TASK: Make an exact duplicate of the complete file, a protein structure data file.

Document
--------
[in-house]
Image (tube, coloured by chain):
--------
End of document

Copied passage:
[in-house]
Image (tube, coloured by chain):